You’ve heard this story from a million different websites already. Senator Stephen Conroy, Australia’s Minister for It’s Not A Truck It’s A Series Of Tubes, wants ISPs to block every single website that sells video-games rated higher than MA15+.
You’d think it’d be easier to just introduce an R18+ rating for video games, like every other country in the Western world. (Apparently the only thing stopping them is the South Australian Attorney General. Here he is, and here’s his email address; you know what to do.)
But the Senator wants more (emphasis added):
Australia is the only developed country without an R18+ classification for games, meaning any titles that do not meet the MA15+ standard – such as those with excessive violence or sexual content – are simply banned from sale by the Classification Board, unless they are modified to remove the offending content.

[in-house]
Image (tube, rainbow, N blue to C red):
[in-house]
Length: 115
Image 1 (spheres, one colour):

So far, this has only applied to local bricks-and-mortar stores selling physical copies of games, but a spokesman for Senator Conroy confirmed that under the filtering plan, it will be extended to downloadable games, flash-based web games and sites which sell physical copies of games that do not meet the MA15+ standard.
I can go to Amazon’s intertubes blog site and I can buy these games, all of which are banned in Australia for not meeting the MA15+ standard:
- Marc Ecko’s Getting Up: Contents Under Pressure (no, really, it’s banned!);
- Manhunt 2;
- Postal 2; and
- 50 Cent: Bulletproof (the uncensored version).
Or I can go to eBay and buy all of those things and worse, and have them shipped to any address in Australia.
So Amazon and eBay are purveyors of naughtiness over the interwebs. They’re shamelessly violating Australian law, and They Must Be Stopped
Now, this is a serious question. Is Senator Conroy seriously proposing to block the world’s two biggest e-commerce sites from every person in Australia?